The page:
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The 2022 winners: Stories and videos

Music is inspirational, interpretive, personal. It’s rewriting an arrangement, gauging a band’s melody, playing 11 instruments, encouraging an eager neophyte — or adjusting the deep-bellied roar of a misfiring antique tractor’s engine.

Before she retired from teaching art at Keene State College, Rosemarie Bernardi would walk around the city, thinking about all the blank walls that could have murals on them.

Imagine a theater production where you’re standing between the actors, or watching the action unfold from a corner packed tight with other theatergoers, or listening to a play through your car radio. You might be attending one of Firelight Theatre Workshop’s performances in Peterborough, whe…

Molly Fletcher is committed to sharing her love of art with the Monadnock Region in more ways than one.

Alice Fuld navigated the world of journalism as a woman starting in the late 1950, first at Harvard's student newspaper and later Scholastic Magazine and The Keene Sentinel, but she's most proud of helping cultivate the arts scene in the Monadnock Region.

Medora Hebert has always shared a special connection with the austere grandeur of the Monadnock Region. So, when she decided to transition away from her role as a trailblazing photojournalist to devote more time on fine art, it came as no surprise when she quickly took solace in — and inspir…

JAFFREY — A drab earth-tone face below hair on end in every color of the rainbow. A head and shoulders in blue with streaks of orange and white falling from eyes and mouth. A drawing of a girl holding a brain.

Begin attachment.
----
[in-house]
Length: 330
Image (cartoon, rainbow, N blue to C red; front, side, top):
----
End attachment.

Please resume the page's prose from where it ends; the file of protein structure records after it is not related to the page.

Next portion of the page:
BRATTLEBORO — As professional painters for more than four decades, Petria Mitchell and Jim Giddings were familiar with what it takes to make a living as artists. So, they decided to help others like themselves.

“I was really attracted to all types of photographs,” said Michael Moore, a winner of a Ruth and James Ewing Arts Award. “News photography is diverse. It is everything you could possibly imagine. You might be taking a picture of an apple, or the president. When I realized that, I really dove in.”

Elizabeth Myer has tried her hand at a variety of art forms, but for the most part, the finished product doesn't match the vision in her mind.

The rich purple hue and complementing orange door of her home’s exterior, and the plum tones of a small barn cheerily greet visitors at the Brattleboro residence of Sharon Myers. Clearly a devotee of all things violet, she’s also dressed in the same color family.

Growing up an only child, Jessie Pollock found a sense of creativity in nature that guided her transformation into an artist and became the essence of her work.

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